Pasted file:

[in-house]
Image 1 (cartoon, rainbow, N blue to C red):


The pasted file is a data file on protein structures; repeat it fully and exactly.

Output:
[in-house]
Image 1 (cartoon, rainbow, N blue to C red):